The risks involved with long term alcohol abuse can be deadly.
Because alcohol is a toxin, frequently drinking heavy amounts of alcohol is devastating to many important organs in the body including your brain, heart, liver, pancreas, and immune system.
Several forms of cancer are also linked to the long term effects of alcohol abuse, including cancer in the neck and head, liver, breast, esophagus, and other areas that are still being discovered.
Heavy alcohol abuse and an addiction to alcohol can even be life-threatening – an average of 88,000 deaths are reported annually by the Centers for Disease Control and Prevention in the United States.
If you or a loved one is in need of help with addiction, call 949.569.7517 today to speak with a treatment specialist.
Long Term Effects of Alcohol Abuse on the Brain
The brain is one of the areas hit hardest by long-term alcohol abuse. Heavy alcohol use and binge drinking can cause memory blackouts and lapses in the short term, but in the long term, brain damage is possible.
Some of the most notable long term effects of alcohol abuse on the brain is thiamine deficiency which is common among alcoholics. It is a result of poor overall nutrition. If alcohol abuse continues, there is a risk of forming more serious problems such as Wernicke-Korsakoff syndrome (WKS). Symptoms of the two-part syndrome include mental confusion, eye-movement disturbances, severe memory problems, and learning difficulties among other symptoms.
The liver is a well-known organ affected by alcohol abuse. Liver inflammation can occur, and other problems associated with it, such as:
• Alcoholic hepatitis
The long term effects of alcohol abuse can have a significant impact on the heart. The heart is particularly susceptible to damage from too much alcohol, even from a single heavy-drinking occasion.
Some of the problems that the heart develops from long-term alcohol abuse include:
• The drooping and stretching of the heart muscle, known as cardiomyopathy
• An irregular heartbeat, known as arrhythmia
• High blood pressure
Cancer Caused by Long Term Alcohol Abuse
The National Toxicology Program of the U.S. Department of Health and Human Services lists the frequent, heavy consumption of alcohol as a high-risk factor for developing cancer in several parts of the body. New research is still being done that are linking alcohol to cancer in ever-more areas of the body.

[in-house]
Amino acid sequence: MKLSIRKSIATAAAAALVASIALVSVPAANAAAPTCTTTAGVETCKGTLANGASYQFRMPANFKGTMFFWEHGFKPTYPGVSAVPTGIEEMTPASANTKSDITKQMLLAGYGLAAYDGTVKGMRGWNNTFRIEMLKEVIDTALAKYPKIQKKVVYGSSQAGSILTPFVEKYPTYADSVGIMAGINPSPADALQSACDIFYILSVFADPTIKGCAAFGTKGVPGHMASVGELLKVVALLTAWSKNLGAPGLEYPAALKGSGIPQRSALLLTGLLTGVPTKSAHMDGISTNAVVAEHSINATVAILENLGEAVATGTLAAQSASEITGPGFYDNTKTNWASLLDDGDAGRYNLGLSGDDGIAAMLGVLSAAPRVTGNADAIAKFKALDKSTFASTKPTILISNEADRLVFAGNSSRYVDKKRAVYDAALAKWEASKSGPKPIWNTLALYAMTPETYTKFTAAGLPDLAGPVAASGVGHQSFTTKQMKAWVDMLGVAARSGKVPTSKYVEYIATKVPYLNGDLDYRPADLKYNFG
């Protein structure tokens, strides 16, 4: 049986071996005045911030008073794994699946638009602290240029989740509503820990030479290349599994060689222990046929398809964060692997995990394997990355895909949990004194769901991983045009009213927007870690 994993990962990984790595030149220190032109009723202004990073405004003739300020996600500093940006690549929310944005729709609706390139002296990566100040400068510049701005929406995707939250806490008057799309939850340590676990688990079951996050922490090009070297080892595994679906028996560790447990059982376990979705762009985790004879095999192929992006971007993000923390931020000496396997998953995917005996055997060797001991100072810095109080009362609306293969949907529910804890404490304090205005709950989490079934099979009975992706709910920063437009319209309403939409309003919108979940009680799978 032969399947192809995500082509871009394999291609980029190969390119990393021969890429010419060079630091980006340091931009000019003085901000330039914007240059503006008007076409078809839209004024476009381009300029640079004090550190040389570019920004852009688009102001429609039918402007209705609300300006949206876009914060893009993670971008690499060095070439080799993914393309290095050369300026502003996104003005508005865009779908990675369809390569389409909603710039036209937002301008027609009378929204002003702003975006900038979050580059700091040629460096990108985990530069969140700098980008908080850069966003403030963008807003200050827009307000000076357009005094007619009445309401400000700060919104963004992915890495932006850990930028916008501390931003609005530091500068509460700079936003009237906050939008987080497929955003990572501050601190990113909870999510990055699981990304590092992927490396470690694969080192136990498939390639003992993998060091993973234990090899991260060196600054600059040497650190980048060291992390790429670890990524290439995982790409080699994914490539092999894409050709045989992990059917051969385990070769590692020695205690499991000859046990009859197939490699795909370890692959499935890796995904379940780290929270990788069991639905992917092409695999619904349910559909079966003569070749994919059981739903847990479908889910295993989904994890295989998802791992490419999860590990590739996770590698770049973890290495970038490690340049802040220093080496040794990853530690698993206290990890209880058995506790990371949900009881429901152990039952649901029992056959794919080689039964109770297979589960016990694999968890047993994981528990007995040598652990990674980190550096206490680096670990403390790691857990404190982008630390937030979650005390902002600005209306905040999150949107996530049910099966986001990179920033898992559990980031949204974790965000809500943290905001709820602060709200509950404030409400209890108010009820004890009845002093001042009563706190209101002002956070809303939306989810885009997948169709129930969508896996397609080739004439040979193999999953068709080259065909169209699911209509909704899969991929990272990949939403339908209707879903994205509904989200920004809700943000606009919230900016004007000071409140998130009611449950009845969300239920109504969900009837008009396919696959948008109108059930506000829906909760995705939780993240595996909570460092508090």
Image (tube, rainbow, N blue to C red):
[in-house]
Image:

Roughly 19,500 of the deaths caused by cancer in 2009 were linked to the long-term effects of alcohol abuse. Cancer is known to be caused by alcohol in areas of the body including the liver, breasts, esophagus, head, neck, and the colorectal area (colon and rectum).
What Affects the Likelihood of Long-Term Damage?
Since alcohol is a toxin, even just one episode of heavy drinking can cause damage. However, when a person drinks a lot on a frequent basis, the risk of damage is compounded.
The factors that appear the have the biggest influence on the likelihood of long-term damage to the many important organs in the body include:
• The general health status of the person
• How much alcohol the person drinks
• How often they drink heavy amounts of alcohol
• The age that alcohol abuse started at and for how long the alcohol abuse has carried on for
• Prenatal alcohol exposure
• The age, gender, and family history of alcohol use disorder
A person who is a frequent heavy drinker may have a mild to severe alcohol use disorder – the term that the medical profession uses to describe alcoholism. Since addiction is a serious mental disease that often makes stopping alone extremely difficult and even dangerous, professional help should be found to prevent any further damage that alcohol abuse may cause.
To find help in Orange County, contact us at Dana Point Rehab Campus by dialing 949.569.7517 today to take advantage of the thorough assessment that helps our healthcare professionals to personalize a treatment program to suit your exact treatment needs.